Just around the corner, at 1828 E. 35th St., is Dead Media, an interesting shop owned by a small group of millennials. The store was in a basement of another store in Seward for several years before relocating to its present spot in 2017. When I visited, the store was staffed by a very recent new employee. In fact, he said my purchase was his first sale. (I bought some books. I know, I know, I have enough books, but God help me, it’s a sickness.) I also browsed the vinyl, VHS tapes and the zines, and although I would have bought a bit of that too, I can restrain myself on everything except books. I wanted to be able to include how they acquire their used books and music, always good to know with stores selling secondhand stuff, but I don’t know if the new guy really knew, so you may need to inquire via Facebook if you want to sell stuff. Do check out Dead Media, though; their Facebook page and their Yelp page (with many good reviews) show hours and other relevant information.
Renewal Laser, a tattoo removal clinic, has been on Cedar Avenue for a while. I don’t know if it’s the only one in South Minneapolis or not, but most of them seem to be in the suburbs. I confess, your roving reporter did not visit Renewal Laser, but rather conducted all research for this article online. I don’t have a tattoo anywhere on me, and even though a tattoo laser clinic is sort of alternative, it’s still essentially a clinic, and I just couldn’t bring myself to barge in there and ask questions. Instead I will just relate that when I was a teenage girl geek in AP math and science, all the boys in my science classes wanted to build a computer (this was pretty ambitious in 1968), but I wanted to build a laser. Because they had rubies in them. I don’t know if they still do; probably not. In case you DO have gnarly tattoos on your body and want to do something about it, there is a powerful pitch for going to Renewal and not out to the suburbs in a review on Facebook by a happy customer. She states: “I am a very happy customer! Renewal Laser Clinic Tattoo removal—in Minneapolis is awesome!! … I have to share because I tried this 3 years ago with a different company and it didn’t go so well. The previous company tried charging me $3,000 to get my tattoo on my ankle removed. It was such a bad and painful experience, that I never went back after the first session. Renewal Laser Clinic- Tattoo removal in Minneapolis… said $50.00 a session and it should only take 6-7 sessions. $3,000 compared to $300 Wow!! I was surprised but very happy that it didn’t hurt at all.” On top of all that, they often have Groupon deals.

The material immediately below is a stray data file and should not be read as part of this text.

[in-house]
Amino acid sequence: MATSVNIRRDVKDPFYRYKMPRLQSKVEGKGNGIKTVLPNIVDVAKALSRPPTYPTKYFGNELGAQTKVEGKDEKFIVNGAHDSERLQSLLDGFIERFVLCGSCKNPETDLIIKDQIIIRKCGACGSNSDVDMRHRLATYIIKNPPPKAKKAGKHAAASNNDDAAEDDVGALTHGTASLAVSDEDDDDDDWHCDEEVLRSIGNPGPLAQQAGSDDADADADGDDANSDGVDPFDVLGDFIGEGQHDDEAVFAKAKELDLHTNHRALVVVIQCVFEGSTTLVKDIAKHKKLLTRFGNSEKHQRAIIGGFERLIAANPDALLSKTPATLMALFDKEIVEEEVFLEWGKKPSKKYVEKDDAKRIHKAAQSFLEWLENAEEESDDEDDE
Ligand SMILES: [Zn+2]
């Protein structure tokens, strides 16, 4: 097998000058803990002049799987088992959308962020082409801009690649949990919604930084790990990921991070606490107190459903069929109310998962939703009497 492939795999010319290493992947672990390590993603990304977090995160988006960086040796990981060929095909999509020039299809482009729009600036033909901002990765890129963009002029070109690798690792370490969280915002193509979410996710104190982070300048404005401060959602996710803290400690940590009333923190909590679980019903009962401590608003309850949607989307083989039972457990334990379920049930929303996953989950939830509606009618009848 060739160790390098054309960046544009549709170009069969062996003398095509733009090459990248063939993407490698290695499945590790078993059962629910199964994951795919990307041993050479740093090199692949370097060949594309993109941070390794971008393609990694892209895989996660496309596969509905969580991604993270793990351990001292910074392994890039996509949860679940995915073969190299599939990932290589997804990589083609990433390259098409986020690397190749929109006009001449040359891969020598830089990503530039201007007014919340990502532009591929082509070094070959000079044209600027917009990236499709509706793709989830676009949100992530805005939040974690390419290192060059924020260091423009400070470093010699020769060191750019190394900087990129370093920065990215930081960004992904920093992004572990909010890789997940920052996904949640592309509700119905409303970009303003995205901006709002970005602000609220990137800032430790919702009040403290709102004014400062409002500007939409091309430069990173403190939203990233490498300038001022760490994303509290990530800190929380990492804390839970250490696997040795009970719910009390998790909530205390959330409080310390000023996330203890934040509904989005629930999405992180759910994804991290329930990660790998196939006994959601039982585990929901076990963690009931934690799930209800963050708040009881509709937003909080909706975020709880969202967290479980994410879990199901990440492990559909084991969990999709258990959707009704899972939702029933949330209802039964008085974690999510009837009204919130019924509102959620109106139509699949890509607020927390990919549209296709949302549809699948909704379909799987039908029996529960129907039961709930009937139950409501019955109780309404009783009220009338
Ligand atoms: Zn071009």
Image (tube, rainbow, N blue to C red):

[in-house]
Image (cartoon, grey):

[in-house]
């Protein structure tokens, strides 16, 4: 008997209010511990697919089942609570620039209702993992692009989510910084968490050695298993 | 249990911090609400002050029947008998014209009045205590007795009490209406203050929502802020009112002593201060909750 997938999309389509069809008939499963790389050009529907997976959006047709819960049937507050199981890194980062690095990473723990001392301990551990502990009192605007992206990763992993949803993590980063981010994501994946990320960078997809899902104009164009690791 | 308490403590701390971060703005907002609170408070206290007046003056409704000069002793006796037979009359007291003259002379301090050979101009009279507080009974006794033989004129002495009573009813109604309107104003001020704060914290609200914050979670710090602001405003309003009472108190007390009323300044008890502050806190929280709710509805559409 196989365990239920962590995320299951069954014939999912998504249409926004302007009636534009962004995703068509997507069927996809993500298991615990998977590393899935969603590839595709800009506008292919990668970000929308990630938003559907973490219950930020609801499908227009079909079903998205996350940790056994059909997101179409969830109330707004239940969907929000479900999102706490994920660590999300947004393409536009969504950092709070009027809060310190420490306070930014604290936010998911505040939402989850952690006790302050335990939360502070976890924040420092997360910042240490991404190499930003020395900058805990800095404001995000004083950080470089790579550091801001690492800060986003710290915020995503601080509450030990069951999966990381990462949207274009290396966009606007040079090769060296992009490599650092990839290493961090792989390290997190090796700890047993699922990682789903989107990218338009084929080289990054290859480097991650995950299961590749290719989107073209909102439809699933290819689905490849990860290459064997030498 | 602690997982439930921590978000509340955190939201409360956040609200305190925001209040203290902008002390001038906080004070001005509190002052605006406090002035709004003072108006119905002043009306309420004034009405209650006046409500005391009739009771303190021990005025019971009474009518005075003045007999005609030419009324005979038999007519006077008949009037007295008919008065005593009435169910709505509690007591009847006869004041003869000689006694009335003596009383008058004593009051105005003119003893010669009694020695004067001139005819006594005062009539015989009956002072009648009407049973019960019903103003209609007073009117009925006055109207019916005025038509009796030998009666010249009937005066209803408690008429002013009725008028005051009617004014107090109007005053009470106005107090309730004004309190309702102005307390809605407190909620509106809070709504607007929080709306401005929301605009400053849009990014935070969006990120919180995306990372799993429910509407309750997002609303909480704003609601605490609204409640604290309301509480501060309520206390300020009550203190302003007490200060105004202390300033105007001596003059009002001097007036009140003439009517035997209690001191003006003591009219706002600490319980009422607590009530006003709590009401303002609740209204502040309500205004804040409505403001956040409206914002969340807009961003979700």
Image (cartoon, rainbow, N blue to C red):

The most southerly spot on our chosen stretch of Cedar Avenue is in, or at least adjacent to, the 4200 Cedar Avenue building of recent fame because of its radical mission and most excellent whole building-sized mural. The actual address of Groovy’s, an antique store selling vintage clothes as well as small furnishings and a selection of kitschy goods, is 4206 Cedar Ave. S. This is also the newest business of the lot, having just celebrated its two-year anniversary in June. The shop is owned by a couple, one of whose father also owns an antique shop, in Anoka. The name Groovy’s sort of gives you an idea of the kind of stuff they carry, and it is quite 1960s to 1980s in appearance, although there are older pieces. Of course, South Minneapolis is absolutely heaving with vintage shops of all kinds, but two years and going strong is an indication they’re doing something right. In addition to clothing and accessories, the shop sells music in a dedicated section, mostly vinyl, and also posters and other media, and also kitschy planters with plants in them. Customers have given them universally high reviews on both Facebook and Yelp, mentioning the cleanliness of the shop and the high level of service.